Maurice Culot, a Paris-based architect, urbanist, theorist and critic who was at the forefront of the creation of the modern traditional movement, influencing the thinking and practice of architecture for generations, will receive the 2019 Richard H. Driehaus Prize at the University of Notre Dame.
As the next Women’s March approaches, a new study of the 2017 Women’s March solidarity events led by Notre Dame’s Kraig Beyerlein is likely a good predictor of what to expect. Based on a survey of sister marches across the United States, key characteristics of the events were massive turnout, majority female leadership, low rate of counterdemonstrators, substantial grassroots mobilization and strong support from faith-based groups.
The Nanovic Institute for European Studies at Notre Dame has awarded the 2019 Laura Shannon Prize in Contemporary European Studies to Max Bergholz for his book “Violence as a Generative Force: Identity, Nationalism, and Memory in a Balkan Community,” published by Cornell University Press.
“Revisioning South Bend’s West Bank,” a 90-day exhibition from the Notre Dame School of Architecture, features student designs and concepts for the west bank of the St. Joseph River downtown, from Colfax Avenue on the north to Monroe Street/Lincoln Way East on the south.
Sixteen faculty members from Notre Dame have been awarded funding from the University’s Science of Wellness Initiative’s Catalyst Seed Grant program. Nearly 100 pre-proposals were submitted, and faculty from five different colleges and schools received awards.
Notre Dame will host Walk the Walk Week in honor of Martin Luther King Jr. Day from Jan. 19 (Saturday) to Jan. 26 (Saturday), with events including a prayer service, lectures, a musical performance and a celebration luncheon with accompanying panel discussion.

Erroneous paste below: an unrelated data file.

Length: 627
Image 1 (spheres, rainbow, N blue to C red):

New research coauthored by Emily Garbinsky, assistant professor of marketing in Notre Dame’s Mendoza College of Business, shows that people who share money from a joint account are less likely to wastefully spend for fear of having to justify the expenses.
A transformative gift from Anthony and Christie de Nicola will help Notre Dame’s Center for Ethics and Culture expand its work forming and mentoring Notre Dame students, engaging in interdisciplinary programming and research, and promoting a culture of life worldwide through teaching, exchange and service.
A new study from Notre Dame has found that the properties of a material commonly used to create conductive or protective films and encapsulate drug compounds—and the conditions in which this material will disassemble to release that medication—may be different than initially thought.
With four years of new funding from the National Institute on Aging, the Notre Dame Study of Health and Well-being will analyze how everyday stress and someone’s ability to regulate their response can impact health nearly a decade later.